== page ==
(d) Complainant has no affiliation with Respondent. Because Complainant claims that Respondent was not authorized to register a domain name containing Complainant’s registered mark, and there is no evidence that suggests Respondent is commonly known by the disputed domain name, the Panel finds Respondent is not commonly known by the domain name at issue under Policy ¶ 4(a)(i). See IndyMac Bank F.S.B. v. Eshback, FA 830934 (Nat. Arb. Forum Dec. 7, 2006) (finding that the respondent failed to establish rights and legitimate interests in the <emitmortgage.com> domain name as the respondent was not authorized to register domain names featuring the complainant’s mark and failed to submit evidence that it is commonly known by the domain name).
(e) Further, the advertisements or links displayed in the disputed domain name lead consumers to competing hair care companies and products. The Panel finds that Respondent’s use of the domain to provide advertisements and links to site competing for Complainant’s business does not constitute a bona fide offering of goods or services under Policy ¶ 4(c)(i), or a legitimate noncommercial or fair use under Policy ¶ 4(c)(iii). See Fox News Network, LLC v. Reid, D2002-1085 (WIPO Feb. 18, 2003) (finding that the respondent’s use of the disputed domain name to generate revenue via advertisement and affiliate fees is not a bona fide offering of good or services); see also Compania Mexicana de Aviacion, S.A. de C.V. v. Bigfoot Ventures LLC, FA 1195961 (Nat. Arb. Forum July 14, 2008) (holding that the respondent had not demonstrated a bona fide offering of goods or services or a legitimate noncommercial or fair use when “the website resolving from the disputed domain name displays links to travel products and services, which directly compete with Complainant’s business”).
Given that Respondent owns numerous domain names it is unlikely that it is not aware of how to control the content of the disputed domain name.
The Panel finds that despite Respondent’s claims that it at one time used the disputed domain name in connection with its business, the disputed domain name has been used to park a website containing monetized links.
The Panel notes that Respondent has not offered any proof in the form of evidence of his legitimate intent to use the disputed domain name.
All of these matters go to make out the prima facie case against Respondent.
Complainant has thus made out the second of the three elements that it must establish.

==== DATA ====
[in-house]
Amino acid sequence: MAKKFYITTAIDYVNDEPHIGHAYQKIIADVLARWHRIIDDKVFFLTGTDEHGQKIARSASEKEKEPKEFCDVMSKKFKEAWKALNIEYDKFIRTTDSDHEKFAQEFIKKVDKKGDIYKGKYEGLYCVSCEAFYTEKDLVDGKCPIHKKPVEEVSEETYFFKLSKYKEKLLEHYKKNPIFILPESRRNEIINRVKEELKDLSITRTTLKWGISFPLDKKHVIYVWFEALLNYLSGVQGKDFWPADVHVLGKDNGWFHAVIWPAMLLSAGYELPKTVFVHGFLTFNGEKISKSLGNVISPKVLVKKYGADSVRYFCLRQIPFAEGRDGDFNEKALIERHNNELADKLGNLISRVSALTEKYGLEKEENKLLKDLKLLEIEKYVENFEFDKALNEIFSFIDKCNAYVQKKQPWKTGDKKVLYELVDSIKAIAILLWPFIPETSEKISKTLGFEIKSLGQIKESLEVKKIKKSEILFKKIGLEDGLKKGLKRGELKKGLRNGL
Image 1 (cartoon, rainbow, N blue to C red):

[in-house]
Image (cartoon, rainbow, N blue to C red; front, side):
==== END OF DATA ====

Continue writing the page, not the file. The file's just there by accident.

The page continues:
Although not a conclusive argument, the fact that Respondent owns 107 domain names, according to a reverse WHOIS lookup, might be considered a pattern of Respondent’s history of purchasing domain names and not using them for legitimate business purposes.
However, despite the fact that the Panel has visited some of these domain names and verified that many are currently being used to park websites containing monetized links, it is not well clear whether Respondent’s indeed using the appointed domain names for illegitimate business purposes.
Nevertheless, the Panel finds that Respondent has not monitored the disputed domain name since 2009 and has allowed it to be “parked”.
The Panel also finds that the provision in the registration agreement between Respondent and the domain name’s registrar indicates that the registrant is indeed responsible to determine whether the domain name registration or use infringes on another’s rights, and the registrant is responsible for maintaining the website and the content within it. Previous panels have established that maintaining a parked webpage at a disputed domain name is sufficient to make a finding of the respondent’s bad faith registration and use, regardless of the entity that initiates the parked content. See Vance Int’l, Inc. v. Abend, FA 970871 (Nat. Arb. Forum June 8, 2007) (“Although the websites accessed via the Disputed Domains may be operated by domain parking service providers, that activity is legally and practically attributable back to respondent.”).
Therefore, in view of Respondent’s negligence in monitoring the disputed domain name as well as the above evidences, the Panel finds that Complainant has made out the third of the three elements that it must establish.
Having established all three elements required under the ICANN Policy, the Panel concludes that relief shall be GRANTED.
Accordingly, it is Ordered that the <ovation.com> domain name be TRANSFERRED from Respondent to Complainant.
Eduardo Machado, Panelist
Dated: November 13, 2013